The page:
What misconceptions do people sometimes have about balancing quality
improvement and cost reduction in health care?
There are two misconceptions that are most often
stated. First, people
think that it’s a tradeoff: you either work on quality or you work on cost
reduction. Second, people often assume quality costs more. But, in fact, if we
think about quality from the patient’s eyes, the person who’s seeking the
service, there’s a lot of waste in that system and we have to consider cost and
quality together. To patients, waste is frustration and unnecessary use of
their time and energy. We can understand it by measuring what they value. Our
challenge is to ask what are we going to do to make care better so it’s more
affordable for the person paying for insurance, paying co-pays and using the
care delivery system? That’s really the calling card for our generation of
health care improvers.
What are the keys to successfully improving health care quality while
involve the patient. Map the journey and the experience from the patient’s
perspective, and assign not only a dollar value to the cost, but also calculate
the personal cost. It illuminates what we don’t see in the system when we view
it from the patient’s perspective.
understand the purpose of efforts to improve quality while controlling costs.
This isn’t a QI project. This is about running your business differently.
stay with it. Involve finance, quality, care delivery, and support systems in
planning and executing against strategic priorities. When we put everybody in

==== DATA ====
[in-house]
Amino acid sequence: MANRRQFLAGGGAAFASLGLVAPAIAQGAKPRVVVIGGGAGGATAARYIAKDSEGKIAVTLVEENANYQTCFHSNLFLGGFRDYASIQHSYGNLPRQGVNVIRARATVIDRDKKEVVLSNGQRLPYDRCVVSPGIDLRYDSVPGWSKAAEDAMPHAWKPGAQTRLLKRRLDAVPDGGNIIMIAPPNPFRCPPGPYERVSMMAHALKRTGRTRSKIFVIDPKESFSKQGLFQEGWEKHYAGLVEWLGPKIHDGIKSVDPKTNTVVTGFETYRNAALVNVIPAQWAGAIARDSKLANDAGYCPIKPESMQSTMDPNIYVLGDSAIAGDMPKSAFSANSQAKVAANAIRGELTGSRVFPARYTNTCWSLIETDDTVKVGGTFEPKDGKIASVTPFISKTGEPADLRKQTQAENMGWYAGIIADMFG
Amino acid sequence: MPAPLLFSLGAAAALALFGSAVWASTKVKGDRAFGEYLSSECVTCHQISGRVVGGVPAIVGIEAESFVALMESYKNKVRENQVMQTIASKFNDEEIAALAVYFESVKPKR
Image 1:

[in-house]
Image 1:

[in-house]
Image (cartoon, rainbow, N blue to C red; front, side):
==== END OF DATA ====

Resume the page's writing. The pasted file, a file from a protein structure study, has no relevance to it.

the same room as a team, working together to make improvements, then we learn a
lot more about cost and quality at the intersection points.
all know how much of the national gross domestic product in the United States
is spent on health care and it’s unnecessary to spend that much. The industry
has grown so much and we’ve done great things to heal people, but now we need
to rebalance and engage people in their own health. We need to engage
communities. And we need to reduce the cost of care so we can reinvest in areas
like schools, communities, employer-based settings and other places where
people spend most of their time. People typically only access health care in
any given year a very small amount of the time, but they spend about 5,000
waking hours caring for themselves. So it matters more that we in the health
care community know what is happening around them every day in their lives, so we
can better support them and make an impact on their health. Shouldn't our
collective goal be to help individuals thrive in their lifetime?
Why is it essential to focus on quality improvement while simultaneously working
on cost reduction?
What does a successful collaboration between finance and quality improvement teams
we’ve learned in our collaboration with IHI over two years is that finance and
quality should be on the same team. At Kaiser Permanente, we train finance
people as Improvement Advisors, and finance staff, quality staff,
physicians, and others work together and actually see the journey of the
patient, put a dollar value to that, see what the cost of that journey is, and
then work together to improve and define the financial value of that
improvement. We’ve learned that when we do that, we not only reduce cost, but
we tremendously improve quality.